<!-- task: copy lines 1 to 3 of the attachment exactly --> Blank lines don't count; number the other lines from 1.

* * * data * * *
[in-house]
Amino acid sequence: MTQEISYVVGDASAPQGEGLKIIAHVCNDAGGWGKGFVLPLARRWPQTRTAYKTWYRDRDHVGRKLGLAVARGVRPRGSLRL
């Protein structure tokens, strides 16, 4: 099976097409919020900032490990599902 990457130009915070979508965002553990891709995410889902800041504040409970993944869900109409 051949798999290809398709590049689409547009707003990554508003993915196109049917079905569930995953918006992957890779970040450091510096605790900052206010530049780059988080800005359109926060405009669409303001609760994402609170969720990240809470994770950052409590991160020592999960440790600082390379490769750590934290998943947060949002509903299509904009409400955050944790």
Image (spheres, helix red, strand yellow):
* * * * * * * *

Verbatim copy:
[in-house]
Amino acid sequence: MTQEISYVVGDASAPQGEGLKIIAHVCNDAGGWGKGFVLPLARRWPQTRTAYKTWYRDRDHVGRKLGLAVARGVRPRGSLRL
């Protein structure tokens, strides 16, 4: 099976097409919020900032490990599902 990457130009915070979508965002553990891709995410889902800041504040409970993944869900109409 051949798999290809398709590049689409547009707003990554508003993915196109049917079905569930995953918006992957890779970040450091510096605790900052206010530049780059988080800005359109926060405009669409303001609760994402609170969720990240809470994770950052409590991160020592999960440790600082390379490769750590934290998943947060949002509903299509904009409400955050944790």